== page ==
Antibodies, also called immunoglobulins, are divided into five classes by structure and function, enabling them to recognize a wide spectrum of antigens. Antibody functions include complement fixation that can lead to antigen-cell lysis (rupture) and can cause inflammation. Antibodies also generate a neutralization response where viruses and bacteria are destroyed by phagocytes. Agglutination, or clumping together, of foreign cells are caused by B cells' promotion of complex cross-linking of antibodies binding to antigens. These agglutinated cells are phagocytized. B cells are cloned in massive quantities for a single specific antigen.
Innate vs. Acquired Immunity
Innate immunity
refers to nonspecific defense mechanisms that come into play immediately or within hours of an antigen's appearance in the body. These mechanisms include physical barriers such as skin, chemicals in the blood, and immune system cells that attack foreign cells in the body. The innate immune response is activated by chemical properties of the antigen.
Acquired immunity
develops through exposure to specific foreign microorganisms, toxins, and/or foreign tissues), which are "remembered" by the body's immune system. When that antigen enters the body again, the immune system "remembers" exactly how to respond to it, such as with chickenpox. Once a person is exposed to chickenpox or the chickenpox vaccine, the immune system will produce specific antibodies against chickenpox. When that same person is exposed to chickenpox again, the immune system will trigger the release of the particular chickenpox antibodies to fight the disease.
Types of Immunity
Active vs. Passive Immunity
Passive Immuity
: Antibodies are transferred to an individual from someone else. Examples are maternal antibodies that pass through the placenta to the developing fetus or through breast milk to the baby. Also, a person with a weak immune system often recieves an injection of gamma globulin, which are antibodies culled from many people, to boost the weak immune system.
Active Immunity
: The individual makes his or her own antibodies after being ill and recovering or after being given an immunization or vaccine. A vaccine contains dead or live viruses or enough of the outer coat of a virus to stimulate a full immune response and to impart lifelong immunity.
Humoral vs. Cell-Mediated Immunity
The
humoral
response (or antibody‐mediated response) involves B cells that recognize antigens or pathogens that are circulating in the lymph or blood (“humor” is a medieval term for body fluid). The response follows this chain of events:
Antigens bind to B cells.
Interleukins or helper T cells costimulate B cells. In most cases, both an antigen and a costimulator are required to activate a B cell and initiate B cell proliferation.
B cells proliferate and produce plasma cells. The plasma cells bear antibodies with the identical antigen specificity as the antigen receptors of the activated B cells. The antibodies are released and circulate through the body, binding to antigens.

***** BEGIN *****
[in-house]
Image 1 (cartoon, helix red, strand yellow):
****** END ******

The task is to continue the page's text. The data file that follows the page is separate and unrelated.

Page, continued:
B cells produce memory cells. Memory cells provide future immunity.
The
cell‐mediated
response involves mostly T cells and responds to any cell that displays aberrant MHC markers, including cells invaded by pathogens, tumor cells, or transplanted cells. The following chain of events describes this immune response:
Self cells or APCs displaying foreign antigens bind to T cells.
Interleukins (secreted by APCs or helper T cells) costimulate activation of T cells.
If MHC‐I and endogenous antigens are displayed on the plasma membrane, T cells proliferate, producing cytotoxic T cells. Cytotoxic T cells destroy cells displaying the antigens.
If MHC‐II and exogenous antigens are displayed on the plasma membrane, T cells proliferate, producing helper T cells. Helper T cells release interleukins (and other cytokines), which stimulate B cells to produce antibodies that bind to the antigens and stimulate nonspecific agents (NK and macrophages) to destroy the antigens.
B and T Lymphocytes
All cells, including immune cells such as lymphocytes, are produced in the bone marrow (the soft, fatty tissue found in bone cavities). Certain cells will become part of the group of lymphocytes, while others will become part of another type of immune cells known as phagocytes. Once the lymphocytes are initially formed, some will continue to mature in the bone marrow and become "B" cells. Other lymphocytes will finish their maturation in the thymus and become "T" cells. B and T cells are the two major groups of lymphocytes which recognize and attack infectious microorganisms.
Once mature, some lymphocytes will be housed in the lymphoid organs, while others will travel continuously around the body through the lymphatic vessels and bloodstream.
Although each type of lymphocyte fights infection differently, the goal of protecting the body from infection remains the same. The B cells actually produce specific antibodies to specific infectious microorganisms, while T cells kill infectious microorganisms by killing the body cells that are affected. In addition, T cells release chemicals, called lymphokines, which trigger an immune response to combat cancer or a virus, for example.
Lymphocytes - a type of infection-fighting white blood cell - are vital to an effective immune system. Lymphocytes "patrol" the body for infectious microorganisms.
Antibiotics
Antibiotics don't work on viruses because of how viruses are constructed. While antibiotics work by impairing its target microorganisms ability to live and reproduce. Since viruses don't "live" in the same way as other organisms and only reproduce by hijacking the cellular reproductive capabilities of organisms, antibiotics are ineffective against viruses
Antibiotics can be used to treat bacterial infections. However, antibiotics are ineffective in treating virus-related illnesses. In addition, antibiotics treat specific bacteria and overuse or misuse of antibiotics can lead to drug-resistant bacteria. It is important that antibiotics are taken properly and for the duration of the prescription. If antibiotics are stopped early, the bacteria may develop a resistance to the antibiotics.